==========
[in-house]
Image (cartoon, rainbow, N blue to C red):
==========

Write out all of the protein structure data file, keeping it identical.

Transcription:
[in-house]
Image (cartoon, rainbow, N blue to C red):